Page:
Blog Archives

Talk to Connect

December 18, 2012

This post appears on The Communication Blog, the blog by Dr. Joseph A. DeVito, Hunter College professor and author of multiple communications textbooks and articles. I thank Dr. DeVito for allowing me to guest post on his valuable blog.

[caption id="attachment_1107" align="alignleft" width="240"]talking vs technology, social media, connecting through technology, facebook talk, criticized for talking, judged for talking a lot, talks too much Talking is still the most intimate way to connect.[/caption]

I like to talk. I talk to connect and get closer to people. What I’ve realized is most people like to talk – and talk a lot. People talk. A lot. Connecting is human and talking is still our most genuine way of connecting. In a world with changing personal contact, where interactions through technology reign, talking is still a precious gift to join hearts and minds with others.

Over the years, I’ve had to grin through painful comments about my talking, sometimes disguised as jokes, other times delivered more directly. Some close friends may comment endearingly but I’ve received critical, judgmental and hurtful remarks. Yet, as rude and cutting as it feels, such frank statements make me think.

When Okay isn’t Okay

August 6, 2012
[caption id="attachment_430" align="alignleft" width="234"]mom talking with boy, parent and son on couch, serious discussion with kids, when okay isn't okay, saying okay to kids, “Clean your room, okay?”[/caption]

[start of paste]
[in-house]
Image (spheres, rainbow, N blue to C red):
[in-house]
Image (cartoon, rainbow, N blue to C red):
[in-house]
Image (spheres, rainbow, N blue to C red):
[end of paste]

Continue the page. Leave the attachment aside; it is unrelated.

About 12 years ago I read a little blurb in a parenting magazine about the one word parents shouldn’t use with their children: the word Okay. I didn’t retain the details of the article but it made sense and I consciously decided not to end my sentences with “Okay?” when speaking to our then one-year-old.

When we tell our children to do, or not do, something, then say, “Okay?” it implies that we are seeking their input or opening an invitation to discussion. If we say, “Johnny, come here,” it is much more effective than, “Johnny, come here, okay?” the simple “okay” gives Johnny a choice we never intended to give him.

In communicating with children, from very young ages, we cannot be ambiguous, we need to be succinct and specific. We’re much more likely to get the results we’re after (good listening is on every parent’s wish list) if we deliver a clear directive: “Do not touch the plant.” Even a pre-walker can understand what his parent wants. He may test you, but repeating the same, concise message with a gentle removal of his hand will teach him that you mean what you say without question.

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